Each year on April 15th, the stars shine a little brighter and the birds chirp somewhat sweeter as hearts are gently reminded of the birth of Leonardo da Vinci. Born in 1452 in Vinci, Republic of Florence, Leonardo came into this world with no title or power, or even parents who were married. He entered planet Earth in a meek and lowly way. Little did his parents (Piero da Vinci and Catarina) know that their baby would change the course of history and leave an indelible mark upon all those he came into contact with, and many, many more.
The Many Titles of Leonardo da Vinci
Obviously, the original Renaissance man accomplished much during his 67-year life. Most people would do well to fulfill just one of the roles he mastered. In particular, he is celebrated for his artistry, inventions, and breakthroughs in the field of science. Let us take a closer look at who Leonardo da Vinci was in each of these unique arenas.
Da Vinci, the Artist
Leonardo da Vinci wore many hats, but the one he is most fondly remembered for is “artist.” In his artwork, his High-Renaissance style is unmistakable. As is stated on Wikipedia, “Among the qualities that make Leonardo’s work unique are the innovative techniques which he used in laying on the paint, his detailed knowledge of anatomy, light, botany and geology, his interest in physiognomy and the way in which humans register emotion in expression and gesture, his innovative use of the human form in figurative composition, and his use of the subtle gradation of tone.” Some of his most notable works include Lady with an Ermine, The Last Supper, and, of course, Mona Lisa.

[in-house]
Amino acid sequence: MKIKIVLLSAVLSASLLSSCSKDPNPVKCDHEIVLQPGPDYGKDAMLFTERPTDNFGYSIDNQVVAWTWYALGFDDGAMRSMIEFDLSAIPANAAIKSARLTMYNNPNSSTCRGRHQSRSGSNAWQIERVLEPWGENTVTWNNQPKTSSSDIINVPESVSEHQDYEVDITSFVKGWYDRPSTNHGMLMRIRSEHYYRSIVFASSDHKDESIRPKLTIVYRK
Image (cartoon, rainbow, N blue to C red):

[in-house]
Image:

Leonardo’s Beautiful Mind Captivates Scholars
Da Vinci truly had a beautiful mind. During his life, he is said to have invented or had a hand in inventing the flying machine, parachute, giant crossbow, scaling ladder, and robot. (Dozens of other inventions are attributed to Leonardo.) As a scientist, da Vinci made a plethora of discoveries and hypotheses. Museum of Science’s article Renaissance Man states, (Da Vinci’s) experiments in anatomy and the study of fluids, for example, absolutely blew away the accomplishments of his predecessors. Beginning with his first stay in Milan and accelerating around 1505, Leonardo became more and more wrapped up in his scientific investigations. The sheer range of topics that came under his inquiry is staggering: anatomy, zoology, botany, geology, optics, aerodynamics and hydrodynamics among others.” In light of all this, is it any wonder that da Vinci’s inventive, scientifically inclined mind has captivated scholars for centuries?
May 2, 1519 was a sad day in history. It was the day this side of heaven bid farewell to Leonardo da Vinci. In his 67 years, he accomplished more than most people could in 10 lifetimes. No doubt his beautiful legacy will endure at least another 400 years.
Do you love Leonardo da Vinci? Are you also a fan of paint-by-number? If so, you’ll fall head over heels for our digital paint-by-number game that can be played on a Windows PC. Check out our corresponding Leonardo da Vinci pattern here.